This man invented the dune buggy

"I'm not smart, but I'm talented. I can draw, I have a good sense of proportions, I know a lot about fibreglass, and I'm a horny old f****r. I've raced at Bonneville, shaped surfboards, and I've never had a business plan. The whole of that - the whole of me - is in the Manx buggy."

Bruce Meyers is 87, and in 2014 the Meyers Manx will celebrate its 50th birthday. A car that became a bandwagon, defined the Californian beach culture it grew from, fathered the Baja 1000 and wheel-to-wheel off-road racing, exploited one of VW's most celebrated innovations, and intercepted the chain letter of play-it-safe received automotive aesthetics. It's been copied more than 300,000 times, all over the world, and it owes its creator a fortune. Literally.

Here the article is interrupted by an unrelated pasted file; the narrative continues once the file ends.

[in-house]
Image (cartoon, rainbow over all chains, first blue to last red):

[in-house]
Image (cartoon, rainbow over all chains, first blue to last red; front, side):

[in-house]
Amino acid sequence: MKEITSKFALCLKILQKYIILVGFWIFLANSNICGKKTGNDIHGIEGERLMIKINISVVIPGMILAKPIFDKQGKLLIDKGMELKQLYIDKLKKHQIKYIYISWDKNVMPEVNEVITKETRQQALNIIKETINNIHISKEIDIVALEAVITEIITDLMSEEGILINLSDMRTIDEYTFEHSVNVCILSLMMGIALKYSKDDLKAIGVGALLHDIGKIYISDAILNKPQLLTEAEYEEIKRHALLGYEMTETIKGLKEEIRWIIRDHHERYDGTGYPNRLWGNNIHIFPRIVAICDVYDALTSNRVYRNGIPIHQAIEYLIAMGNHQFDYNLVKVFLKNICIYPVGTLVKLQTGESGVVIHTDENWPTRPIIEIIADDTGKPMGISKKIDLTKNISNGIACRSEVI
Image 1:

It's also utterly, indecently cute. "When I was a little kid in Newport Beach - before the buggies and the cars and the beach boy life - I crawled around with comics," says Meyers, insouciant to the fiercely colourful, baked-on charm of his home and workshop in Valley Center, near San Diego. "Mickey Mouse drove around in these tiny cars with great big wheels. I wanted to drive them right off the page. I never thought I would, but I kind of had an idea that cars would be part of my life."